Back to the clubs, and, like "One Night In Heaven", "Sing Hallelujah" had featured in my personal top 10 for 1993. A top 20 hit in the UK back in April 1993, the anthemic dance tune finally took off in Australia months later, becoming one of the biggest hits of 1994 locally for the Nigerian-born, Swedish-based former dentistry student. To be fair, though, the best things about "Sing Hallelujah" aren't really Dr Alban's mostly indecipherable mutterings - it's all about the piano hook and the gospel choir-sung chorus.




Number 14 "Anything" by Culture Beat
Peak: number 12
On a hot streak, Culture Beat stormed straight into the top 15 with their third smash in a row. The follow-up to "Got To Get It" (which was slowly sliding down the chart), "Anything" kept a fairly frenetic pace and is easily the weakest of the German group's three hits, which may explain why it only progressed a couple more places up the chart, falling just short of giving them a third top 10 in a row. "Anything" was also the last time Culture Beat would be seen on the top 50 - their short burst of success par for the course for most Eurodance acts in the '90s.




Listen to this week's new entries on my Spotify playlist of all the top 50 hits from 1994 (updated weekly):





Next week: another two dance tracks arrive, as does a collaboration between hip-hop's premier all-female act and a group of funky divas.


Back to: Feb 20, 1994 <<<<<<<<<<<<<  GO  >>>>>>>>>>>>> Forward to: Mar 6, 1994


2 comments:

  1. When I first heard Bananarama's version of 'Long Train Running', I knew it was a cover of a song I'd heard before, but I don't know how. Guess the original must have had some heavy airplay still, in the 80s.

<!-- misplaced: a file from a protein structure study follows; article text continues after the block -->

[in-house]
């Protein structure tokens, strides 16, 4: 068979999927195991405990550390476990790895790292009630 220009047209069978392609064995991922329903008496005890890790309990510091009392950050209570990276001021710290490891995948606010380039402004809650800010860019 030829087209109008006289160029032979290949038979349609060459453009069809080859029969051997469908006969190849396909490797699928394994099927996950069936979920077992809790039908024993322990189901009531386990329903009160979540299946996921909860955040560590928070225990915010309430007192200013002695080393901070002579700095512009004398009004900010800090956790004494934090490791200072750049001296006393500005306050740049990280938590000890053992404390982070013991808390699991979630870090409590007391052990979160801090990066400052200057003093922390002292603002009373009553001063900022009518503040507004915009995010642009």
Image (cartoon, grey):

The only good thing about 'Without You' is the 'Ken Lee' Idol audition (worth looking up on YouTube if you've not seen it).

    'One Night In Heaven' is good, but this sound for them became formulaic before long.

    I can see how some would find 'Dum Da Dum' irritating, and it is rather tacky and silly... but I like it.

    I'd seen 'Cornflake Girl' get a mention in the UK top 5 on Video Smash Hits, but never actually heard the song until it entered the top 60 on rage. It prompted me to buy 'Under the Pink' a couple of weeks alter, and then 'Little Earthquakes' quickly after that (I remembered and liked 'Winter' from '92). Becoming a mega-fan, I learnt soon what 'Cornflake Girl' was about. The song also makes reference to how 'guys have no idea' how brutal women can be to one another ("the man with the golden gun thinks he knows so much"). Having been the sole male in an otherwise all-women work environment, I can vouch for that. I had never seen the pre-fame Just Right ad in which Tori appears until the advent of YouTube, but it adds a funny, extra twist to the song's meaning.

    I can't say with certainty, but I wonder if 'Sing Hallelujah's belated release came about due to Hitz FM, Melbourne's test licence youth-oriented dance station, having it on heavy rotation (its #8 Victorian/Tasmanian state chart debut this week suggests it may have been spurred on by that). Either way, I'm glad it became a hit here. The video you've embedded (as I type this, anyway), cuts out early. The breakdown towards the end is the best part of the song, for me.

    I actually preferred the LP version of 'Anything' to the single remix.

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  2. PS I just noted the 17 3 2020 date on the CC camera scenes in the 'Anything' video. Scary that's only a year and a bit away!